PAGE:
We have this story out of Florida telling us about two pieces of proposed legislation in that state. “House bill 243 and senate bill 154 if passed with prohibit the display of the Confederate flag or emblem on any publicly owned or lease property.” According to one Floridian who supports the measures, “I’m grateful to be a Floridian and a Southerner, but I have to say, that the confederate flag is part of history, it’s not part of our future.” A third proposed act, “Senate bill 310 if passed would remove the statue of Confederate General Edmund Kirby Smith in the Washington DC Capitol building.” Another supporter is quoted as saying, “Although we want you to hold on to your roots we can’t have you hold on to something that symbolizes a deep sense of pain, murder, fear for generation and generations of people.”
In Greenville, Mississippi, the city council voted to remove the state flag from all city buildings and properties. The state flag incorporates the First National Flag of the confederacy and has the confederate battle flag in its canton. “Council members voted after hearing from the Rev. Roosevelt Johnson. He says that by petitioning to remove the flag, his group wasn’t trying to infringe on anyone’s belief or opinion, but instead trying to eliminate a divide it created among black and white residents.”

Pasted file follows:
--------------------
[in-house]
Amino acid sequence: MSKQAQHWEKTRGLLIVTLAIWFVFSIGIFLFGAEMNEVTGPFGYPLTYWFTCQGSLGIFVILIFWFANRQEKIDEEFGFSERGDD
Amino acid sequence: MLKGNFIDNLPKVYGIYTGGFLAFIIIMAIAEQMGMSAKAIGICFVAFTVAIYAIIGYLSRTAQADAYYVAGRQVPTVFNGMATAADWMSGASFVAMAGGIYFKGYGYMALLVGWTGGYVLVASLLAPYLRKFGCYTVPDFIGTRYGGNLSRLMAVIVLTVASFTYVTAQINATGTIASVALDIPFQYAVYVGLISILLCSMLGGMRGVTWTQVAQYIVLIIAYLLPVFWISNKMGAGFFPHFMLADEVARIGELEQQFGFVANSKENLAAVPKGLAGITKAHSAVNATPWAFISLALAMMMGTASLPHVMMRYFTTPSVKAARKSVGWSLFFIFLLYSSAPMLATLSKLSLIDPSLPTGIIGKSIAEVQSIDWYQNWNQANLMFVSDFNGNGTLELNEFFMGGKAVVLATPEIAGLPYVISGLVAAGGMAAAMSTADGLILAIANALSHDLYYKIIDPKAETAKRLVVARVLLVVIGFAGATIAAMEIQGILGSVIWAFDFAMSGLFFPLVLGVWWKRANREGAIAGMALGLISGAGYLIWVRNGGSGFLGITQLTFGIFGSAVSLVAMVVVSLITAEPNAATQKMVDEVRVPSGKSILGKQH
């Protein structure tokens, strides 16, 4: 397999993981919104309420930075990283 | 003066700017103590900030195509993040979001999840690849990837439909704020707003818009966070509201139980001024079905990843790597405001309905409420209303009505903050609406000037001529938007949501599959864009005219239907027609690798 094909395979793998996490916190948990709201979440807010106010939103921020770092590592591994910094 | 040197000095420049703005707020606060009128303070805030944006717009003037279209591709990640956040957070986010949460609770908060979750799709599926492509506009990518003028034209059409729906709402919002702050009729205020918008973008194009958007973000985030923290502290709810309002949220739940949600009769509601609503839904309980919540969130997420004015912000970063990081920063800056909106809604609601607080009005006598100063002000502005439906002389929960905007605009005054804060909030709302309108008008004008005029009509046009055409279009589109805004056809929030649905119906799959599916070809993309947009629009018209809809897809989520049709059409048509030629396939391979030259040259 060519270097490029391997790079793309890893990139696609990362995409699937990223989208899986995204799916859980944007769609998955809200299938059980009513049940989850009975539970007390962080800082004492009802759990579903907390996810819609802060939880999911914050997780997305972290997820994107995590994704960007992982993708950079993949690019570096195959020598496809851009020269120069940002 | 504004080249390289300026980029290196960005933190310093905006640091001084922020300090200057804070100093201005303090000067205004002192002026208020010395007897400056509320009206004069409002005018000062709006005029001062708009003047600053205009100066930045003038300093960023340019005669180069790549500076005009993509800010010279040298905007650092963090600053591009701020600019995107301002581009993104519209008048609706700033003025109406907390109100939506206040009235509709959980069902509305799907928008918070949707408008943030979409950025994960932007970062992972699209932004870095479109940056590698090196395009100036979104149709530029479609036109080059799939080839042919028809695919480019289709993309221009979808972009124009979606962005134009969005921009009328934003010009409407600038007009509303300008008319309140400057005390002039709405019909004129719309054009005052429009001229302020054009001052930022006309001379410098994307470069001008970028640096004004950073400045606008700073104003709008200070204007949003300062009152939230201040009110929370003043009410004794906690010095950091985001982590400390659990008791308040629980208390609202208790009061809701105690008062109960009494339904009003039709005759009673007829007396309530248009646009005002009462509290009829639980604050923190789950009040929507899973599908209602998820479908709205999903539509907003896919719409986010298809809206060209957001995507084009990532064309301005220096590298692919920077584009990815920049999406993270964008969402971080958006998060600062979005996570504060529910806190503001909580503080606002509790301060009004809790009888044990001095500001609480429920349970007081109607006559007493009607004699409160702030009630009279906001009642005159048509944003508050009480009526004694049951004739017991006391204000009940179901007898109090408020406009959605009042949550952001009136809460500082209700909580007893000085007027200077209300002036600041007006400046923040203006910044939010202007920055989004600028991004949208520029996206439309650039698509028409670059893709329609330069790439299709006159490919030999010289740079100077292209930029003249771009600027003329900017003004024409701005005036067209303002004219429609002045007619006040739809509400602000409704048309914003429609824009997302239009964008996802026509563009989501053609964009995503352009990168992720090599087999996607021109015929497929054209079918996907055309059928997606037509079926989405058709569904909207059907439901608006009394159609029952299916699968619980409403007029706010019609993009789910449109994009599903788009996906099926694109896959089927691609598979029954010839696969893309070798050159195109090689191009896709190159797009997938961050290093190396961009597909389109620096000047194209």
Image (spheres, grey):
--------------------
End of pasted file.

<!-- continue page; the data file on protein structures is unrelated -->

Opponents of these moves make the claim that it’s “denying history.” That’s a farcical claim. It’s not denying history. Christopher Phelps, an associate professor of American Studies at the University of Nottingham, in England, says, “Critics of these efforts have objected that protesters’ logic would require colleges to scrub themselves of all traces of anyone who was a slave owner or racist — or, reductio ad absurdum, anyone at all with flaws. In this view, the new student activism is an exercise in ‘moral vanity,’ a charge leveled against the Oxford campaigners by Tony Abbott, a former Australian prime minister and Rhodes Scholar. Yet the specific historical figures under protest in these controversies are well-selected. They have engendered controversy for good reason, for they not only reflected the norms of their day but also actively shaped social mores from positions of power.” Professor Phelps continues, “As a historian who deeply values the study of the past, and who frequently laments the amnesia of our times, I appreciate any good defense of the value of historical memory. But I am troubled by this particular invocation of history and wish to offer a dissenting viewpoint. (I should disclose that while I have no personal stake in any specific controversy over campus symbols, I do have a daughter at Yale residing in Calhoun College, and she favors its renaming.) History is one thing, memorials another. As tributes, memorials are selective, affirmative representations. When a university names a building after someone or erects a statue to that person, it bestows honor and legitimacy. The imprimatur of an institution of higher education affords the subject respect, dignity, and authority. This makes memorials every bit as much about values, status quo, and future as about remembrance. We intuit the value of preserving a site such as Auschwitz-Birkenau on the grounds that no one should ever forget the Holocaust, but we appreciate the Allied policy of the denazification of Germany, which included painting over swastikas and discarding innumerable portraits of Hitler. Those impulses are not contradictory. Memorials are not, by and large, erected after long and careful study of the past. Universities do not typically make decisions about how to name sports centers, libraries, dining halls, dormitories, or classrooms in consultation with panels of historians. Let’s be honest: Who has a building named after him or a statue made of him is a reflection of power and wealth.” He says, “History is a process of cognition and revision — literally, re-seeing — of the past. From time to time, one or another circle of historians is characterized as ‘revisionist,’ but in actuality all historians are revisionists, writing from the vantage point of their own lives and times even as they aspire to objectivity. This does not make history subjective. It must be sustained by evidence and held to the test of others’ scrutiny. That is how consensuses emerge about what took place and why. In that way, our understanding of history changes over time, often as dramatically as that history itself. To reconsider, to recast, is the essence of historical practice. It follows that altering how we present the past through commemorative symbols is not ahistorical. It is akin to what historians do. No historian now writes about slavery in the way historians did a century ago. A reconsideration of memorials and symbols poses no danger to freedom. A university can uphold academic freedom and freedom of expression while at the same time seeking to avoid implicitly exclusionary or bigotry-laced signs and legacies in its official infrastructure.” He also takes on those who erroneously compare removing monuments to actions of the Taliban. “What is erasure in one sense can in another and more important sense be an acknowledgment and validation of the past. When a building named for an arch-advocate of slavery is accorded another name, it pays respect to the lives of those whom he condemned to be owned. When the University of Illinois retired its pseudo-Indian mascot Chief Illiniwek, the decision reflected the increased awareness of such misappropriation and stereotyping born of a deeper appreciation of Native American history. We lament the Taliban’s destruction of the Buddhas of Bamiyan, but the changes that students want on campuses today do not involve entities imbued with sacred qualities. Nor are those symbols ancient. Calhoun College, for example, was named in 1933; Oxford’s Rhodes statue was erected in 1911. In historical terms, the period since then is the blink of an eye. Examples abound of demolitions widely taken as acts of liberation, not cultural boorishness. The Hungarian rebels who toppled statues of Stalin in 1956 are celebrated, not accused of desecrating history. Similarly, there has been no outcry against Ukraine’s recent dismantlingof more than 800 statues of Lenin, a measure taken in response to the provocations of Putin’s Russia. (Most of the works were consigned to museums, it appears, although a clever artist converted one into Darth Vader.)” He makes this very incisive point about memorials: “Just as in certain contexts erasure is a sign of memory, so can memorials be a form of forgetting. Insofar as relics of the era of overt white supremacy may represent an institution’s failure to look itself in the mirror and adopt inclusive symbols so as to welcome all prospective students and academics, the symbols are indicators of an institutional blind spot. To remove them does not vitiate history; on the contrary, it represents a more thorough coming to terms with the past and its legacies, a refusal to forget.”